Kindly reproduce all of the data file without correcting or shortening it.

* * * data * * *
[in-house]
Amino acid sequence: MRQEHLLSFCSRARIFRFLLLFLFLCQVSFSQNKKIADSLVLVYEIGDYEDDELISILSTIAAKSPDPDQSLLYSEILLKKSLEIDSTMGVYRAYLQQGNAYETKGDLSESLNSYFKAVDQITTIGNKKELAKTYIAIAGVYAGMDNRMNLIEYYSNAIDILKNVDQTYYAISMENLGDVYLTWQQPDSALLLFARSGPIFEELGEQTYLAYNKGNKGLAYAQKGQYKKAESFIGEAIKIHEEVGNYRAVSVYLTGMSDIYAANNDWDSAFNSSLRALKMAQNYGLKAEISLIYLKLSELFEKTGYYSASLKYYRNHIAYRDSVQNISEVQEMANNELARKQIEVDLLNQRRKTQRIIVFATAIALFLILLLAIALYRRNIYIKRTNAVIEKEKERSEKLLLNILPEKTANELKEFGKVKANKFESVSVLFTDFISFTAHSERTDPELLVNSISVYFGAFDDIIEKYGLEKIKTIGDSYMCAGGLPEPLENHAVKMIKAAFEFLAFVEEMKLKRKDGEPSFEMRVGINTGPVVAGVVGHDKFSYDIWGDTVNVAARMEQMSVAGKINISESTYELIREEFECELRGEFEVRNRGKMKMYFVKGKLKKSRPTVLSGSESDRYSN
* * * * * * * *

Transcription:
[in-house]
Amino acid sequence: MRQEHLLSFCSRARIFRFLLLFLFLCQVSFSQNKKIADSLVLVYEIGDYEDDELISILSTIAAKSPDPDQSLLYSEILLKKSLEIDSTMGVYRAYLQQGNAYETKGDLSESLNSYFKAVDQITTIGNKKELAKTYIAIAGVYAGMDNRMNLIEYYSNAIDILKNVDQTYYAISMENLGDVYLTWQQPDSALLLFARSGPIFEELGEQTYLAYNKGNKGLAYAQKGQYKKAESFIGEAIKIHEEVGNYRAVSVYLTGMSDIYAANNDWDSAFNSSLRALKMAQNYGLKAEISLIYLKLSELFEKTGYYSASLKYYRNHIAYRDSVQNISEVQEMANNELARKQIEVDLLNQRRKTQRIIVFATAIALFLILLLAIALYRRNIYIKRTNAVIEKEKERSEKLLLNILPEKTANELKEFGKVKANKFESVSVLFTDFISFTAHSERTDPELLVNSISVYFGAFDDIIEKYGLEKIKTIGDSYMCAGGLPEPLENHAVKMIKAAFEFLAFVEEMKLKRKDGEPSFEMRVGINTGPVVAGVVGHDKFSYDIWGDTVNVAARMEQMSVAGKINISESTYELIREEFECELRGEFEVRNRGKMKMYFVKGKLKKSRPTVLSGSESDRYSN